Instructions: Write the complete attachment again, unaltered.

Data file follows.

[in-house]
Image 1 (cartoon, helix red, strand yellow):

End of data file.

[in-house]
Image 1 (cartoon, helix red, strand yellow):